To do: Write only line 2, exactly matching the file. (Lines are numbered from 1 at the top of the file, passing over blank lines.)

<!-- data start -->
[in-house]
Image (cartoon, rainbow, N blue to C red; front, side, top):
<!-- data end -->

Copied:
Image (cartoon, rainbow, N blue to C red; front, side, top):